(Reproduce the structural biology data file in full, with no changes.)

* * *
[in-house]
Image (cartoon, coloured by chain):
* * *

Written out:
[in-house]
Image (cartoon, coloured by chain):